Considering the profound impacts of different vitamins on physical health, the impact of Vitamin D on significant biological processes such as DNA repair and its anti-inflammatory quality on brain tissue,[ , , , ] and the roles of vitamin A and other vitamins in brain development,[ 53 ] it is better to eat foods enriched with different vitamins and iron in addition to taking vitamin supplements and folic acid during pregnancy.

    Furthermore, eating foods such as fish which is enriched with omega-3 and other unsaturated fatty acids help in the normal development of the embryo. Appropriate postnatal care prevents the problems with lack of Vitamin D and other crucial components[ , ]. Based on some studies, prolonged exposure to elevated temperature during pregnancy and susceptibility to child autism are related.

    Due to the negative impacts of activation and aberrations of the maternal and fetal immune systems and increased level of cytokines on neural development of embryos and infants, mothers must care about their health during pregnancy as well as their newborn's health to stop probable infections, especially in the 1 st month of infant lives.

    Financial support and sponsorship This study was supported by Isfahan University of Medical Sciences. Conflicts of interest There are no conflicts of interest. PK contributed in the conception of the work, revising the draft, approval of the final version of the manuscript, and agreed for all aspects of the work. MK contributed in the conception of the work, conducting the study, revising the draft, approval of the final version of the manuscript, and agreed for all aspects of the work.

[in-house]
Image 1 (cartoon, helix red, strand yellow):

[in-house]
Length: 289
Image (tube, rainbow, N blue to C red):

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    RORA and autism in Isfahan population: A complicated epigenetic relationship. Cell J Yakhteh ; Global methylation profiling of lymphoblastoid cell lines reveals epigenetic contributions to autism spectrum disorders and a novel autism candidate gene, RORA, whose protein product is reduced in autistic brain. Ronald A, Hoekstra RA.

    Autism spectrum disorders and autistic traits: A decade of new twin studies. Genetic heritability and shared environmental factors among twin pairs with autism. Contributions of the environment and environmentally vulnerable physiology to autism spectrum disorders. How environmental and genetic factors combine to cause autism: Perera F, Herbstman J. Prenatal environmental exposures, epigenetics, and disease. Bollati V, Baccarelli A. Heredity Edinb ; Prospects for epigenetic epidemiology.

    Age-specific epigenetic drift in late-onset Alzheimer's disease. Perinatal factors and the development of autism: Advanced parental age and the risk of autism spectrum disorder.

    Prenatal risk factors for autism: Advancing parental age and autism: Parental age and autism spectrum disorders. Independent and dependent contributions of advanced maternal and paternal ages to autism risk. Risk factors for autism: Perinatal factors, parental psychiatric history, and socioeconomic status. Perinatal risk factors for infantile autism. Effects of familial risk factors and place of birth on the risk of autism: A nationwide register-based study.

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    The role of environmental factors in the development of autism is a crucial area of study. thalidomide and valproic acid has been linked to increased risk of autism. Scientists use the term "environmental" to refer to influences other than . Likewise, no correlation was observed between the severity of ASD and different factors. After logistic regression, the risk factors retained for autism in the final. Environmental factors associated with autism spectrum disorder: a . adapted appropriately to the other data- bases . ASD or autism, although another time-.